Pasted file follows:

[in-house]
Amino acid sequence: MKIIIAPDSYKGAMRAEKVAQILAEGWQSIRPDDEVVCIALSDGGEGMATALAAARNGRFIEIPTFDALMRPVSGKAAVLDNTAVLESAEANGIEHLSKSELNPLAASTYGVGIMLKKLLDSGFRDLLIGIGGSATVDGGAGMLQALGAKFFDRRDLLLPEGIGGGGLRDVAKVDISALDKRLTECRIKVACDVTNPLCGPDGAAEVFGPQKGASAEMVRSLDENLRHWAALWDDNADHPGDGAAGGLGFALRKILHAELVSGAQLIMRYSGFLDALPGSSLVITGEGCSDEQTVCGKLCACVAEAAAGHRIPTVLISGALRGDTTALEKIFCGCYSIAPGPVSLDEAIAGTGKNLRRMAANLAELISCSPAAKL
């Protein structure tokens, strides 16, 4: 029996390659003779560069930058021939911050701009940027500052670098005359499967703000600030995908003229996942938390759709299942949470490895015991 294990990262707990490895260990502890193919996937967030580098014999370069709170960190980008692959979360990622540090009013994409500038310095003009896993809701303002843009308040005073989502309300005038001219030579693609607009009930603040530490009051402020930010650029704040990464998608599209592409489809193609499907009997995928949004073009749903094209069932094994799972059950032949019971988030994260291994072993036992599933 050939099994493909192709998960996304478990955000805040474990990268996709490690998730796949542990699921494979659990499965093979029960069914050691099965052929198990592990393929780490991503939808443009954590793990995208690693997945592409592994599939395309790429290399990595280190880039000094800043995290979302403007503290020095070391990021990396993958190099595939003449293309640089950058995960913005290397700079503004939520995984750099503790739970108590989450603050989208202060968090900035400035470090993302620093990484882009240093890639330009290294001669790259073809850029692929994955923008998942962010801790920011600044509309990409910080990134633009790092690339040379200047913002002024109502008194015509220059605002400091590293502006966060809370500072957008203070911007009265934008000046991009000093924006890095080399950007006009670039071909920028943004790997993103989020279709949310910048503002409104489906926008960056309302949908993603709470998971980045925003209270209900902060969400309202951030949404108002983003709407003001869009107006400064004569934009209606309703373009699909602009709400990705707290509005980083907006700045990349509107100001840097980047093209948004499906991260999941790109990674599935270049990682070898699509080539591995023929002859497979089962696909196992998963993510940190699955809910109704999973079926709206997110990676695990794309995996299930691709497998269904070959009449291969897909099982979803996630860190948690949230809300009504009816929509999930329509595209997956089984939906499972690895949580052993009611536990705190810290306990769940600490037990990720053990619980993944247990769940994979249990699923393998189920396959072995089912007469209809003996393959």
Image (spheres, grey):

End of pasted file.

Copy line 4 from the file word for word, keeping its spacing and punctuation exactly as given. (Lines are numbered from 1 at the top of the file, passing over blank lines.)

Image (spheres, grey):